[R] How to make this for() loop memory efficient?

Steve Lianoglou mailinglist.honeypot at gmail.com
Wed Jan 11 01:18:04 CET 2012

I'm having a really difficult time understanding what you're trying to
get -- copy and pasting your code is failing to run, and your question
isn't clear, ie:

"For each phone call that BEGINS with the module which is denoted by 81
(i.e. of the form 81X,XXX), what is the expected number of modules in these

How does one calculate the expected number of "modules" in this
module? What does that even mean?

Anyway, here's some using your `data` data.frame that calculates the
number of unique calls and other statistics on the "call id" within
each module prefix. I'm using both data.table and plyr ... there are
no for loops.

You will want to do `whatever it is you really want to do` inside the
"blocks" below.

## R code
data <- transform(data, module.prefix=substring(modules, 1, 2))

## take a look at `data` now

## calulate "stuff" inside each module.prefix using data.table
xx <- data.table(data, key="module.prefix")

ans <- xx[, {
  ## the columns of the particular subset of your data.table
  ## are "injected" into the scope for this expression block
  ## which is where the `calls` variable below comes from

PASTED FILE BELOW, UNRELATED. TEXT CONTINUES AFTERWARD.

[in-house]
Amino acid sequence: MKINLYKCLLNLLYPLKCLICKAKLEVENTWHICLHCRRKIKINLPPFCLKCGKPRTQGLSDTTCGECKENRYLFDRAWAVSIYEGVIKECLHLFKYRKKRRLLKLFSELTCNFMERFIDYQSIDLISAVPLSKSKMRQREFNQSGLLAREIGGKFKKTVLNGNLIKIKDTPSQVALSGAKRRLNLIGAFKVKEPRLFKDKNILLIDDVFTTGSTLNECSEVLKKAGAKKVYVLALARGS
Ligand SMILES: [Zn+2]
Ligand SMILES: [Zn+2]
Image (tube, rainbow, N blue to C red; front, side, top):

tabled <- table(as.character(calls))
  list(unique.calls=length(tabled), min=min(tabled),
median=as.numeric(median(tabled)), max=max(tabled))
  ## you will want to return your own list of "stuff"
}, by='module.prefix']

## with plyr
ans <- ddply(data, "module.prefix", function(x) {
  ## `x` is a data.frame that all share the same module.prefix
  ## do whatever you want with it here
  tabled <- table(as.character(x$calls))
  c(unique.calls=length(tabled), min=min(tabled),
median=median(tabled), max=max(tabled))

You'll have to read up on the particulars of data.table and plyr. Both
are really powerful packages ... you should get familiar with at least

plyr is a bit more flexible in some ways.

data.table is a bit more strict (cf. the need for
`as.numeric(median(tabled))`), but also tends to be (much) faster when
working over large datasets


Steve Lianoglou
Graduate Student: Computational Systems Biology
 | Memorial Sloan-Kettering Cancer Center
 | Weill Medical College of Cornell University
Contact Info: http://cbio.mskcc.org/~lianos/contact

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